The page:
If there’s one rule of thumb to follow when considering upgrading your boats lighting to LEDs, it’s to worry first about the lights you need, not the lights that are fun like the spreaders or spots. Engine room lights are probably up there at the top of the list of important lights to address first precisely because you pay so little attention to them. Since they are going to receive so little attention, it’s likely you’ll need to consider replacing what you have with something that is extremely low maintenance, highly reliable, produces a good amount of illumination and above all, is properly rated for use in areas like engine rooms where explosive gases can accumulate. LEDs fit this bill quite well and then some. Their small size makes them ideal for small cramped spaces like those found in boat engine rooms. Their low power requirements make them ideal for applications where the light will potentially need to stay on for extended periods without draining power reserves. The high lumen per watt output makes them well suited for close quarters work that requires ample lighting and their good color rendering gives them a distinct edge over halogen or incandescent lamps. If you’ve ever had to replace or repair wiring by the light of a halogen you’ll understand quite well the problems that can arise from trying to discern which wire is yellow and which is white while under the yellowish glare of a halogen lamp.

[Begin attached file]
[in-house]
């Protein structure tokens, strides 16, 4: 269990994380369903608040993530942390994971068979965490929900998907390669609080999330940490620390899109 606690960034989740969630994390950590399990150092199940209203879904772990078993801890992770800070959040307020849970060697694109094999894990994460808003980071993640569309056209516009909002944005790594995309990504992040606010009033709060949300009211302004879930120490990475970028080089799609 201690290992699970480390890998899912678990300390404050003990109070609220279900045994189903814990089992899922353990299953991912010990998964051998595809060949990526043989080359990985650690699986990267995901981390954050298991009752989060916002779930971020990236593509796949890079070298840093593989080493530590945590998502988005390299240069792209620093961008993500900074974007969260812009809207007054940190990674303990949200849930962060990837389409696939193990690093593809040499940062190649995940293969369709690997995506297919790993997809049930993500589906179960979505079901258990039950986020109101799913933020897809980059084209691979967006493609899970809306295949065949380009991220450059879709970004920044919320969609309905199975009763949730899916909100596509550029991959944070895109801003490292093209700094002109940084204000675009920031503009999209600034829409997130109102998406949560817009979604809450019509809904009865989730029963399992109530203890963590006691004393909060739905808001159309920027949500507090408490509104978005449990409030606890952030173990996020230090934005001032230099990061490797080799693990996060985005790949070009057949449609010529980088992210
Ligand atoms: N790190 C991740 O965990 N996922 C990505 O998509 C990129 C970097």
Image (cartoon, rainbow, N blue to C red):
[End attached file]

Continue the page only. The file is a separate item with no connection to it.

Quality LEDs are also extremely long lived and basically impervious to damage from vibrations. A typical LED lamp these days has an expected lifespan of 50,000 or more hours. Compared to the 1-2000 hour lifespan of a halogen there is quite simply, no comparison. If you install an LED fixture in your boat’s engine room, the chances are that it will be the last light you ever install in there. An LED will not be affected by the constant thrumming vibrations that can often come from close proximity to the engines, whereas over time, a halogen is prone to having its filament broken by such exposure. LED fixtures are typically a once piece affair and require little more than wiring and mounting into place. There are no metal sockets to corrode and no glass bulbs to break, which greatly reduces their maintenance needs and goes far towards ensuring that when you do need them, they will work. Overall, LEDs represent what amounts to a total departure from the usual expectations of incandescent lighting and present an entirely different lighting technology that in all respects makes the traditional light bulb obsolete.